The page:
The essential feature of Factitious Disorder is the intentional production of physical or psychological signs or symptoms (Criterion A). The presentation may include fabrication of subjective complaints (e.g., complaints of acute abdominal pain in the absence of any such pain), falsification of objective signs (e.g., manipulating a thermometer to create the illusion of fever), self-inflicted conditions (e.g., the production of abscesses by injection of saliva into the skin), exaggeration or exacerbation of preexisting general medical conditions (e.g., feigning of a grand mal seizure by an individual with a previous history of seizure disorder), or any combination or variation of these. The motivation for the behavior is to assume the sick role (Criterion B). External incentives for the behavior (e.g., economic gain, avoiding legal responsibility, or improving physical well-being, as in Malingering) are absent (Criterion C).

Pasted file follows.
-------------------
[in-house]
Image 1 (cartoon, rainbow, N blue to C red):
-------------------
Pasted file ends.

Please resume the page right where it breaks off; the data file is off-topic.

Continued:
Individuals with Factitious Disorder usually present their history with dramatic flair, but are extremely vague and inconsistent when questioned in greater detail. They may engage in pathological lying, in a manner that is intriguing to the listener, about any aspect of their history or symptoms (i.e., pseudologia fantastica). They often have extensive knowledge of medical terminology and hospital routines. Complaints of pain and requests for analgesics are very common. After an extensive workup of their initial chief complaints has proved negative, they often complain of other physical or psychological problems and produce more factitious symptoms. Individuals with this disorder may eagerly undergo multiple invasive procedures and operations. While in the hospital, they usually have few visitors. Eventually, a point may be reached at which the factitious nature of the individual’s symptoms is revealed (e.g., the person is recognized by someone who encountered the patient during a previous admission; other hospitals confirm multiple prior hospitalizations for factitious symptomatology). When confronted with evidence that their symptoms are factitious, individuals with this disorder usually deny the allegations or rapidly discharge themselves against medical advice. Sometimes, they will be admitted to another hospital soon after. Their repeated hospitalizations may take them to numerous cities, states, and countries.